Is your son slipping on the summer slide? Keep him reading while he plays.

The Summer Slide is a very real phenomenon according to the authors of a report from the National Summer Learning Association:  “A conservative estimate of lost instructional time is approximately two months or roughly 22 percent of the school year…. It’s common for teachers to spend at least a month re-teaching material that students have forgotten over the summer. That month of re-teaching eliminates a month that could have been spent on teaching new information and skills.”

You can bet your teachers are already thinking about school and how to make up for lost time. Boys not only suffer the most in the summer slide they also are most challenged in all aspects of schooling as you can see in this video.

Click here to watch.

Trouble with boys

If this isn’t your son (and we hope it isn’t), chances are it’s the boy down the street, or the boy on your son’s soccer team.

It DOES take a village and we’ve got to start by shouting this information to rooftops, raising awareness and advocating for change.  Note that boys of color and boys in poverty are at exponentially higher risk.

We’ve got to work together to stop these trends by advocating and acting locally and nation-wide.

Here’s one thing you can do, right now:

Sign the on-line petition to create a White House Council for Boys and Men (and note the irony that we’ve had one for girls and women since 2009!)

sign now

Then, look around, how can you reach out and change one boy’s day – at the mall, the grocery store, or on the street?

Stay in touch – tell me how you’ve reached out in your neighborhood.

Getting Boys to ReadA Book Recommendation
Just For You
Getting Boys to Read by Mike McQueenMy friend and colleague Mike McQueen has “been there, done that.”  He knows what it is to be a struggling reader and yet he grew up to be a school librarian!

He has motivated thousands of boys to read through teaching, motivational speaking, professional development and his book.

He’s an inspiration and a reminder to never, never give up!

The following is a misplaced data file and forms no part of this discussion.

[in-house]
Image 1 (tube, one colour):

Click here to order

Click here for your Boys Alive! Free Report: “6 Keys to Parenting Success”

The New Dr Seuss Book

Talking with Steve and Rebecca on KXL101’s Morning Show:

Who didn’t grow up with Dr Seuss?

Hop on Pop, Green Eggs and Ham, One Fish Two Fish…are all entwined in learning to read and teaching others to read. Dr Seuss was brilliantly funny, clever, and his use of vocabulary made us beloved fans.

Now, 25 years after his last book was published, we’re treated to a new Dr Seuss book, “What Pet Should I Get?”
Screen Shot 2015-07-28 at 6.19.46 AM

Two siblings get the okay from dad to get a pet and arrive at the pet shop only to see how many pets there are to choose from. The book comes with a warning – your children may be asking you for a pet, too!

Read the entire article here.

(And, just to be “politically correct” the publisher advocates that you adopt a pet from a shelter or rescue organization instead of a pet store, which was the popular way to acquire a pet when Dr Seuss wrote this book.)

Dr Seuss books are perfect for young readers… and if you’ve got a child that you’re trying to encourage and inspire to read check out this blog post: “He Isn’t Reading Yet.”

Click here for your Boys Alive! Free Report: “6 Keys to Parenting Success”

Multi-Tasking: Do we ask too much of boys?

Most boys are not multi-taskers. Their brains are simply not designed that way.

Yet, as they enter middle school and high school – before their brains are fully developed to handle a wide array of tasks – we’re asking them to juggle many different expectations every single day. We want them to be top-notch at multi-tasking.

Think about it.
boys taking a lap
By middle school, boys have:

  • Multiple classes – each with assignment priorities (Each teacher claiming their assignment is the most important!)
  • Multiple teachers – each with different rules and personalities, expectations and procedures
  • Multiple assignments – both short-term and long-term with quizzes and testing thrown in

He’s also thinking about other things:

  • Social life
  • Peer pressure
  • Girls
  • Sports
  • Extracurricular activities
  • Video games and screen time
  • Social media and texting

Add some family expectations:

  • Chores
  • Family time
  • Siblings
  • Study time


THEN, top it all off with a big, huge dose of:  PUBERTY!

His brain and body are experiencing a complete re-boot. He may be more disorganized, more clumsy, and more forgetful than ever before!

If you haven’t done it before, now is the time to help him implement workable systems.

You know your son best.

  • Is he visual? Get him a big wall calendar and help him map out his assignments, practices, etc.